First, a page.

4. The price of deodorant This is the most random thing but decent deodorant costs a lot. Most of the time, I stock up on foreign trips but what’s up with that?

5. Bread– If you’re looking for Mammy Browne’s bread over here, you’ll be looking for a while. It is most difficult to find a good decent bread. Or a decent sandwich for that matter.

6. When Koreans pretend they don’t understand what you said, even though you said it in Korean.

7. When Koreans think that because you’re the only white girl in town, it makes you 1) Russian and 2) a prostitute

8. Trying on clothes; When the store owner either 1) Tells you there are no “big sizes” and/or 2) Won’t let you try on the clothes.

9. Shoes; The utter lack of shoes from Europe size 7 (255-260)  and up is shocking. Just shocking.

10. Physical Appearances; Koreans are utterly obsessed with weight, dieting, white skin and the perfect face.

11. Toilet paper: You must bring your own toilet paper with you when you go out because there is always the chance that your toilet won’t have any. Then you must put it in the bin when you are finished because it is believed that putting it into the toilet will block the drains.

12. Messing around with food; Koreans love to put food where it doesn’t belong. Like sweetcorn on everything, mayonnaise on everything else. Stop! If I want either, I’ll ask for them.

13. Skirts; In Korea, it’s not ok to wear a low top but it is totally appropriate to wear a skirt so short, one might mistake it for a belt. This then results in the woman having to cover her behind with a bag so as to not flash her bum at anyone behind her. Surely she could have just worn a longer skirt?

14. Desk warming– The act of sitting at your desk, not teaching, just sitting. There are only so many movies to watch, books to read, Korean words to learn before you get bored and want to go outside.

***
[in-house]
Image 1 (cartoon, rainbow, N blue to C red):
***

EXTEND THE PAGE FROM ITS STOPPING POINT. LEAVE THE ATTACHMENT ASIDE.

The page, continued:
15. Bins- I could rant all day about this. Why are there not more bins? Seriously, where are we supposed to put our rubbish and where do Koreans put it? If I eat something with a wrapper, am I really supposed to walk about 2km to find a bin? I think not. PUT MORE BINS OUT!!!!!!

16. Banks– For the most part, I love my banking experiences. However, it drives me insane when they insist on photocopying my id and passport when I send money home (KB*b). I gave you those when I opened the account and again the first time I transferred money. Surely you have it on record?

17-Public Urination– This usually happens at night but there is no excuse for randomly going to the bathroom. If it’s not the drunk people, it’s the children. You cannot just use this area as a bathroom. People are walking here. And you especially can’t use this area if it’s enclosed like a bus or the subway.

18. Points Cards– I have a points card for everywhere. But I don’t know how to redeem most of them because all the websites are in Korean. While I could go ahead and challenge myself to reading the Korean, I’d prefer to just do it in English. Would it really kill them to make an English language page? I think not.

This is a pretty long list but most of the things are small things that we thought we’d share. Leave your comments below with anything I forgot!